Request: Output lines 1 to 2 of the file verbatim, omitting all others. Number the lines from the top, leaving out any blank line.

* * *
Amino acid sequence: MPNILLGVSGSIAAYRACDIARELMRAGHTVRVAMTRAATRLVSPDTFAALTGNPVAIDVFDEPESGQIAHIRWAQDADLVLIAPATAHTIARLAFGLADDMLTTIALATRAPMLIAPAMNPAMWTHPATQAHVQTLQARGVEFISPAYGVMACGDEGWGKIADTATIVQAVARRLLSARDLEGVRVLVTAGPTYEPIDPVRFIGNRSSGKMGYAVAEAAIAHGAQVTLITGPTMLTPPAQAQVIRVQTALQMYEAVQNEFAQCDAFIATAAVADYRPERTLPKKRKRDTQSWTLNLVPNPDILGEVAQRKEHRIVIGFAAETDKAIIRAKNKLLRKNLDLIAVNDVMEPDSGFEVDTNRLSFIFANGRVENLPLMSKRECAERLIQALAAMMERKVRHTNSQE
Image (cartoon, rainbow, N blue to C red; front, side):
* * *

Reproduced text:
Amino acid sequence: MPNILLGVSGSIAAYRACDIARELMRAGHTVRVAMTRAATRLVSPDTFAALTGNPVAIDVFDEPESGQIAHIRWAQDADLVLIAPATAHTIARLAFGLADDMLTTIALATRAPMLIAPAMNPAMWTHPATQAHVQTLQARGVEFISPAYGVMACGDEGWGKIADTATIVQAVARRLLSARDLEGVRVLVTAGPTYEPIDPVRFIGNRSSGKMGYAVAEAAIAHGAQVTLITGPTMLTPPAQAQVIRVQTALQMYEAVQNEFAQCDAFIATAAVADYRPERTLPKKRKRDTQSWTLNLVPNPDILGEVAQRKEHRIVIGFAAETDKAIIRAKNKLLRKNLDLIAVNDVMEPDSGFEVDTNRLSFIFANGRVENLPLMSKRECAERLIQALAAMMERKVRHTNSQE
Image (cartoon, rainbow, N blue to C red; front, side):